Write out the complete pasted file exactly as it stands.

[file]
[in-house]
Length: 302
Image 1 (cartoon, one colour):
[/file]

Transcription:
[in-house]
Length: 302
Image 1 (cartoon, one colour):